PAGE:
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Kia Picanto

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Kia PIcanto
7/10

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Road Test

Kia Picanto 1.25 EcoDynamics driven

Driven August 2011

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It might be Kia's bestselling car of the past seven years, but if we're honest, the outgoing Picanto is a bit gawky. This one - new from the ground up - changes things. With the designer of the original Audi TT (Peter Schreger) now in charge of the crayons, giving us cars such as the new Sportage, the company is hurriedly untangling itself from its old image.

Where the previous version looked skinny and malnourished around the arches, this one appears more solid - and just looks good, dammit. The bold line that streaks forwards from the tail light to the top of the front wheel disguises the tall sides and shallow windows, and the chunky front end creates the illusion of a bigger car. It shares its basic skeleton with the Hyundai i10, but here the metal hangs more confidently around it, with more prominent creases. The new Picanto is 6cm longer than before, and that, plus some neater cabin packaging, has upped bootspace from 157 litres to 200.

There are two engines and three levels of trim to choose from - helpfully named 1, 2 and 3. But here's where it gets tricky, as you can't just pair your favoured engine with your favoured spec - if you want the smallest engine with the highest spec, tough luck. If we listed all the permutations, we'd run out of ink, so let's make it simple. The best combination is level 2 trim with the 1.25-litre EcoDynamics petrol engine, which includes stop/start. It will cost you £10,195, deliver 100g/km of CO2, average 65.7mpg and go from 0-62mph in a respectable 11 seconds. Standard kit includes 14-inch alloys, aircon, fog lights and electric windows. The smaller 1.0-litre three-cylinder is a playful thing, but it's 2.9 seconds slower to 62mph and only one gramme of CO2 better. However, it's the only engine available with level 1 trim, a combo that costs £7,995. For that, you get steel wheels and you have to wind the windows yourself.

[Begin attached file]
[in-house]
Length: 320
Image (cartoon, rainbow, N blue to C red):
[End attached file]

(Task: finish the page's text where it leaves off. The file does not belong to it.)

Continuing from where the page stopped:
The new platform also features softer front springs with longer travel than before, so it cushions speed bumps and smooths over cracked surfaces better. It bobs around on faster roads, but a stiffer rear torsion beam stops it bouncing into the brambles. Electric power steering is standard on all models, and assistance is reduced at higher speeds to save energy drawn from the engine, improving fuel efficiency. It behaves fine at parking speed when you need a light, twirly wheel, but on the motorway it's not so nice, and you have to constantly nudge it back to the straight-ahead position.

Later this year (and for the first time on a Picanto), there'll be a three-door version, which should look even better - perhaps not as cute as the Fiat 500 or Ford Ka, but the fact they appear in the same sentence shows how far things have come. And if you need a clincher, consider this: whichever version you go for, it will come with a reassuringly massive seven-year warranty. Cheap and cheerful? It's in fashion.

Dan Read

We like: Big-car looks in small-car package
We don't like: The odd electric power steering
The verdict: Sharply styled, thoroughly decent city car. Kia's on a roll
Performance: 0-62mph in 11.0secs, max 106mph, 65.7mpg
Tech: 1248cc, 4cyl, FWD, 84bhp, 89lb ft, 930kg, 100g/km CO2
Tick this on the options list: Level 2 trim
And avoid this: The automatic 'box

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